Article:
SLADE — When the wildfire that did so much damage to the Red River Gorge was discovered just after midnight on a late October weekend, 39 cars were parked at nearby trail heads.
Some Forest Service employees started fighting the fire, others spent 12 hours looking for campers and getting them out of woods that soon would be aflame.
The cause of the fire: One of the more than 200 campfires that had been lit despite a ban put in place weeks earlier.
"People equated the consequence of ignoring the campfire ban as a $75 (later raised to $500) fine; they didn't realize they could be threatening other people's lives," said E.J. Bunzendahl, an assistant fire management officer for the Daniel Boone National Forest.
Luckily, no one was hurt. But an estimated 1,650 acres of some of the prettiest country in Kentucky burned.
Seventy-five firefighters (66 of them from a dozen other states) were involved, as were 30 supervisors, law enforcement officers and others. Three fire engines were used, and a helicopter was called in to start a backfire to limit the spread of the main fire.
An entire section of the gorge was closed at a time of year when thousands arrive to see fall foliage. The popular Tunnel Ridge Road also was closed, as was part of Ky. 77 from Nada Tunnel to the Martin's Fork parking area.
Now that the fire is contained and some hazardous trees have been removed, Ky. 77, a portion of Tunnel Ridge Road and most trails in the Gray's Arch area have reopened.
But fires still aren't allowed outside fire pits in established campgrounds in the Cumberland Ranger District on the northern end of the Daniel Boone National Forest. In addition to the gorge, that means no fires for hunters who will flock to the Cave Run Lake area this weekend for the opening of modern-gun hunting season.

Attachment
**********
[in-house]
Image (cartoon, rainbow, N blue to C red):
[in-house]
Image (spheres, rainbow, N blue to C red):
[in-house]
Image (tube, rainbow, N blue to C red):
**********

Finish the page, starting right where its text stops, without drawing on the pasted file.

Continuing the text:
Officials are still determining the extent of damage from the wildfire and scratching their heads trying to figure out how to convince visitors that a campfire ban means no campfires.
Wildfires in Kentucky often are little more than leaf fires, with short flames that scorch the bottoms of tree trunks. They may damage trees, making them unsuitable for lumber, but usually don't kill them.
This particular fire, which was still smouldering in spots earlier this week, was much worse.
The campfire that three people were seen running away from on Rush Ridge burned relatively slowly down into a valley, then climbed Auxier Ridge with a vengeance.
As fire climbs a ridge, it dries material above it, increasing the intensity. In some places, flames were 40 feet high.
Extremely dry conditions helped the fire. So did history: A vast 1999 fire had left some dead trees standing. Shortly after that fire, most of the pines in the area were killed by an unusually large infestation of southern pine beetles. All that was just more fuel for the fire.
Many living trees, including tall oaks and short young white pines, were destroyed. Others that were weakened are being felled by chain saw crews so they won't fall on hikers and campers when the Auxier Ridge area is re-opened.
Dispersed camping is allowed in the gorge. Campsites may be set up anywhere that is 300 feet from a trail or 100 feet from a cliff. Because of that, Bunzendahl said, it will be impossible to remove all the potentially dangerous trees and limbs. Besides, she noted, standing snags, as dead trees are known, provide shelter for bats and other woodland creatures.